By MARY JEAN HALL
Special to the Press
DRESDEN — The Dresden board of mayor and aldermen discussed youth softball and t-ball during the meeting Monday night.
Phillip Davidson, president of the Dresden Youth Softball Association, requested a $1,000 start-up grant from the board. The association helps with funding the five and six year-old’s softball and t-ball leagues.
According to Davidson, the association only had a $3.43 balance at the beginning of this year, and the new association administration promises to be more accountable with finances this year. He spoke about some goals that they had developed.
“We’re interested in building the skills of our young boys and girls,” Davidson said.
This year Davidson hopes to achieve four major goals, including the children’s uniforms. He also hopes to improve the quality of the equipment and coaches’ inventory, citing safety as a major concern.
“I want our kids to be able to play safe,” Davidson said.
Part of that inventory would include coaches’ bags. Each bag would preferably include catching gear, masks, first aid kits and other needed equipment, and is expected to cost around $80 each.
Davidson also said that he had a goal to help those children who cannot afford registration costs and equipment.
To help with safety issues, four year-olds are no longer allowed to play softball or t-ball within the Dresden leagues. According to Davidson, this has been a rule for some time, but it has been loosely followed.
“We don’t want them hurt,” Davidson said. “We want to be strong by our rules and not waiver.”
Mayor Danny Forrester informed the board that the city stopped running the leagues about 10 years ago, and they only manage the fields now.
“It’s been very admirable of that group to wait 10 years,” Forrester said. “The way the finances are being kept is much more accountable than in the past. It’s more structured.”
A big issue with the league association seemed to be the lack of start-up money for this year’s budget. With a starting balance of just $3.43, many aldermen questioned the accounting in the past.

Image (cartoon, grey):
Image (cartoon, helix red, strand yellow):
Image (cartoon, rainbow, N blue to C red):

“Is this bad accounting or is this something more?” Alderman Gwin Anderson asked.
“That’s a question that the city and recorder can never answer,” Forrester replied.
According to Finance Director Carla Edwards, the city doesn’t require a detailed budget for the leagues. They must submit a financial status at the end of the season. Edwards said that the status that was submitted last year didn’t make sense so she had to request more information, such as receipts.
Edwards said that she was told most equipment was purchased with cash through places like KenTenn, and they were not able to reprint the missing receipts.
The board also learned that several parents paid for their children to participate in a fall seven and eight year-old league, but the league never played. Apparently about 15 children had been registered for a fall league.
Edwards informed the board that there was no evidence that the fall league funds were ever deposited into the league account.
“Funds were taken from parents for the kids to play, and we have no idea where it is,” Davidson said. “I can’t be accountable for the past.”
Davidson continued to say that they were waiving the spring league fees for all of the children who paid for the fall league but never played.
Davidson said that the association is working on fundraiser ideas, which would include t-shirt sales and even an equipment drive.
Currently, the spring registration fee per child is $40 each. That breaks down to about $20 for insurance costs, $13 for a shirt and $7 for a trophy. The children must generally supply their own gloves and bats.
The board unanimously approved a grant for $1,000 for the league.
“This shows there is league accountability by the city,” Alderman Jeff Washburn said after the vote.
Alderman Richard Tidwell requested that a more detailed budget be submitted to the board for each league.
The board also received an update on the city-wide recycling initiative. Barker Brothers reported that there was about 45 tons of recycled material so far, which was on track to most cities. At first the recycled material was about 90-95 percent “clean,” but lately it has been about 87-88 percent clean due to some food waste that was mixed in.
“You guys didn’t do a good job of educating our citizens,” Anderson said.
Barker Brothers isn’t making much on processing the recycled materials for the city.
“You need to understand that recycling is good for the environment, but it is not a profit making business,” he said.
The board approved the FY 2012 Audit, which was conducted by Alexander Thompson Arnold CPA firm. Howell Alexander walked the board through their findings.
“You guys are doing good,” Alexander said.
The next meeting of the Dresden board of mayor and aldermen will be Monday, April 8 at 6 p.m. The board moved the meeting back from its regular time due to it falling during the local schools’ spring break.
Published in The WCP 3.5.13